Monday, December 24, 2012

I am a Kenyan grandmother. Kind of.

Last night while putting my 4 year old to bed I cuddled him so hard I nearly smothered the poor little guy.  I kissed him all over and tickled him, delighting in his laughter even as I knew this was bedtime play was ready to backfire.  I didn't care. This intimate, playful, loving closeness is my favorite thing about motherhood.

And then, as we both settled down into our more sleep-inducing routine of lullabies and back patting, my mind wandered.  It wandered back to my village stay and I thought of mothers I met in that poor rural village, and their experience of motherhood.

Our experiences of motherhood are worlds away for a lot of reasons. But this stuck out to me:  I hadn't seen a single mother play with her children. I hadn't seen a non-baby snuggle. Children put themselves to bed.  And there were no terms of endearment issued.  No "Sweetheart," "Lovey," or "Pumpkin," so common on American playgrounds.  Orders to wash the dishes or pick up a crying sibling were unceremoniously issued and obediently followed.

None of this is to say that these mothers don't love their children as intensely. They fret over a child's illness and are uniformly obsessed with finding enough school fees to give their children the best shot at a bright future.  To these mothers the saddest fate that could befall them is not baring children.

Still, the maternal physical and verbal affection is at minimum - perhaps lost in the necessity of daily chores or simply dictated by generations of parenting culture. Babies are snuggled, held, cooed at, and co-slept with, but when they grow into children they're simply ordered to fetch the water and wash the dishes.

It was a bit unsettling for me coming from an intensely affectionate family and demonstrative parenting culture. A culture where parents, bad knees be damned, get on the floor and push a train around a track with junior.  Where 10 year olds, to their perennial embarrassment, are still hugged and kissed in public.

But, then I noticed something else: mom aside, there actually was no shortage of playmates. Instead of an adult who might quickly tire of kicking around a ball, there always half a dozen little people with similar interest, energy and attention spans to run, play and laugh with.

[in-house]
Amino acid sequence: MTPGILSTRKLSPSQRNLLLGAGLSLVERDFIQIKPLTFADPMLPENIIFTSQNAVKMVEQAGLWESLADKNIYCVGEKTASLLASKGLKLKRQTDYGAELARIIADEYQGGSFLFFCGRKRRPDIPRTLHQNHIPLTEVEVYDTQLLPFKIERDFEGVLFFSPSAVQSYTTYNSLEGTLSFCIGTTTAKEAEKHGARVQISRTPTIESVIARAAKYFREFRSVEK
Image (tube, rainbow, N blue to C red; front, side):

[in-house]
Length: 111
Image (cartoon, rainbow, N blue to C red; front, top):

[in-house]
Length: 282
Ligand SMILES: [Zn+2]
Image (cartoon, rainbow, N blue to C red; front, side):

You don't need mom to play with you when you have a constant brood of playmates.
And, despite my initial observations, the children did get some of that physical and verbal affection.  But instead of from mom, it was from grandma.

It was grandma who I saw kissing boo boos and delighting in watching the children play. She was the one more effusive with the praise from a high mark at school.  She was the one the kids ran to.  My suspicion that grandma was a main source and receptacle of snuggles and affection, was born out the more I spoke with Kenyan mothers.  Each one agreed that her mother would tend to "spoil" her children and that children raised by grandmothers are less disciplined and more wild.
Not the best pic and there's a huge smudge on my lens.  I only got about 50 watts of her 100 watt smile.  But grandma was easily the happiest person I met and universally adored by all the kids.
I suppose that's often the same dynamic in our own culture. Grandparents think of it as a right and a privilege to indulge their grandchildren.  But in the Kenyan village the difference was more stark. Motherhood seems more of a job.  A duty.  It's not until a woman has grandchildren that she appears to fully enjoy it.

In fact, when I asked each mother what they loved most about motherhood, they found the question bizarre and nearly impossible to answer.  It really stumped them.  Maybe it never felt like a decision they made.  They never had to defend the state of motherhood to some dubious childless peer. When forced to finally think about, to a person, they each said what they enjoyed most was the "help" children provided.

So, maybe modern Western motherhood resembles a lot more the experience of a Kenyan grandmother. Hey, by the time we get around to raising progeny, we're about the same age, and we tend to "spoil" our kids with affection and shower them with praise.  More than occasionally we even attempt to be their playmates.

And perhaps that's the trouble with modern motherhood. We're trying to be a whole village of people to our children.  And it's hard to be their teacher and disciplinarian when we're also trying to be a doting grandmother and a playmate. Maybe it's less confusing for kids to have these roles separated.  It's probably less emotionally taxing for the mother.

What do you think?  Am I way off base here?  Kenyans: Is this assessment even correct?  Would you "modern mothers" have it any other way?

Monday, December 17, 2012

Actually, Guns DO Kill People

We're all saturated with news and commentary from the recent tragedy in Connecticut.  I usually stay away from these topics on my blog since I usually don't have any particular expertise or insight to add to something so well covered by actual experts.